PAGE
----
The Japanese take their work seriously, and thus most jobs available are “full on”. This means that your working hours and your stress levels are likely to be high, and of course this takes a toll on your body in general and your eyes in particular. Some of the most common eye conditions that you can come down with are also the most embarrassing, namely styes and conjunctivitis (“pink eye”).
A quick definition of a Stye is a small pus-filled eruption that breaks out along or inside the upper or lower eye lids, generally starting with an infection from a hair follicle or an infection of the inside glands of the upper eyelid. Although very uncomfortable, they are as temporary as a pimple and will pass within a week or so. Styes are typically caused by a cross-infection from a cold (the staphylococcus bacteria exist in your sinuses), or from contact with someone else who is infected. Just like colds, doctors don’t really know why some people get more styes than others – but my personal theory is that it has a lot to do with nutrition and your immune system.
Thus, when I feel run down after a particularly trying period at work, not only do I try to get more sleep than usual, but I also take a lot more care about washing my hands and general hygiene, as well as eating right. This of course means plenty of vegetables and fruit, but in winter in particular it also means taking some additional vitamin supplements. One useful antibacterial herb you can buy as a tablet is Echinacea, which is generally good for warding off colds and infections. Other supplements I also take include olive leaf tablets (powerful anti-fungal and anti-bacterial properties) and deodorized garlic tablets – or better still the real thing. I’ll note, though, that the tablet form is less likely to cause complaints from your friends and work colleagues the next day.
When coming down with a stye, most people make a beeline for the doctor and come home with a pile of antibiotics and anti-inflammatories, which are freely dispensed in Japan. However, I believe that antibiotics and similar drugs should be kept for the really serious problems, and I prefer to try some less aggressive home remedies. For example, you can steep and strain your own Tumeric eye drops, or purchase from overseas some Golden Seal eye drops – something my mother used to use to good effect for us when we were kids. You may find the American herb Golden Seal hard to find in Japan and while there is a Japanese equivalent Shirane Aoi, I don’t know if it has the same medicinal qualities. The best way to get this kind of stuff is to have a friend buy it for you at Puritan’s Pride in the US.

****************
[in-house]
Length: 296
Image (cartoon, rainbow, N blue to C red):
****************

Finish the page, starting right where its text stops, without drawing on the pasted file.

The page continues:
Another very common eye ailment in Japan is conjunctivitis. It’s not uncommon to see young women on the trains self consciously wearing eye patches to hide the condition. Common causes of conjunctivitis include: bacteria, viruses such as chlamydia, allergies such as hay fever and irritation from fumes and smoke, and even contact lens use. Because there are so many possible causes of conjunctivitis, it’s hard to recommend any particular remedy, but it’s good to know that like styes, most cases of pink eye pass quickly. If you can, try to take some time off work and get plenty of rest – in particular give your eyes a rest.
One eye condition that caught my attention in the news just a few weeks ago was that of increasing cases of corneal damage or infection in young women in Japan. Apparently this has been connected to the huge increase in the usage of cheap colored lenses by wearers wanting to tint their iris blue, yellow, or even red. While the effects of colored lenses is suitably surprising, the message from doctors is that the cheaper a lens is, the more likely it is to cause eye damage – sometimes irreparable damage. So, if you feel the need to buy a pair of yellow and black cat eye lenses, stay alert for any possible irritation you might have from them and if so, get them out quickly. Even a day of irritated eyes can result in permanent damage.
Lastly, you’ll notice that Japanese people are particularly fond of using eye drops – including such concoctions as “hard minty” eye drops! I often wonder why it is necessary to use them if you’re healthy and not overdoing the computer usage, but after getting into the habit myself for a couple of years, it is true that the sensation immediately after putting the drops in can be one of intense relief. At the same time, I’ve come to believe that if your eyes are sore or dry enough to need eye drops, then probably you need to think about fixing the cause, not the symptoms. You can’t beat plenty of sleep, cutting down the computer time, good hygiene, and a good diet. Of course, if you can’t avoid smoky bars and offices, or tight work deadlines requiring lots of overtime, then a drop or two of Rohto’s mentholatum eye drops may do the trick...